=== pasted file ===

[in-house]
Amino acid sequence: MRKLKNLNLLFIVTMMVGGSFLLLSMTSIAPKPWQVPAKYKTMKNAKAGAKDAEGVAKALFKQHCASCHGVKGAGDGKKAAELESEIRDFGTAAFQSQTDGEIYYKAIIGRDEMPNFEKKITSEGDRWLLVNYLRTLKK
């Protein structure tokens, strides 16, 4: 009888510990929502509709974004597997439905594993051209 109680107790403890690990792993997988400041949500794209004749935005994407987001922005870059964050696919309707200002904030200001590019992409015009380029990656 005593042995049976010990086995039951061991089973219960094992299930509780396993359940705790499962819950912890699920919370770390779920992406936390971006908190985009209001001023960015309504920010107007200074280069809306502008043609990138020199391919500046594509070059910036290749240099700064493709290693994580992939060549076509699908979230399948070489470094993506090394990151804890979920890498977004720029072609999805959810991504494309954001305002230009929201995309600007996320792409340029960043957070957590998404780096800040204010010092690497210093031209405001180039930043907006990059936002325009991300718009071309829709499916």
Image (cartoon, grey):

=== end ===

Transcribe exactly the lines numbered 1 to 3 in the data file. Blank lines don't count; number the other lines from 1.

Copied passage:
[in-house]
Amino acid sequence: MRKLKNLNLLFIVTMMVGGSFLLLSMTSIAPKPWQVPAKYKTMKNAKAGAKDAEGVAKALFKQHCASCHGVKGAGDGKKAAELESEIRDFGTAAFQSQTDGEIYYKAIIGRDEMPNFEKKITSEGDRWLLVNYLRTLKK
């Protein structure tokens, strides 16, 4: 009888510990929502509709974004597997439905594993051209 109680107790403890690990792993997988400041949500794209004749935005994407987001922005870059964050696919309707200002904030200001590019992409015009380029990656 005593042995049976010990086995039951061991089973219960094992299930509780396993359940705790499962819950912890699920919370770390779920992406936390971006908190985009209001001023960015309504920010107007200074280069809306502008043609990138020199391919500046594509070059910036290749240099700064493709290693994580992939060549076509699908979230399948070489470094993506090394990151804890979920890498977004720029072609999805959810991504494309954001305002230009929201995309600007996320792409340029960043957070957590998404780096800040204010010092690497210093031209405001180039930043907006990059936002325009991300718009071309829709499916």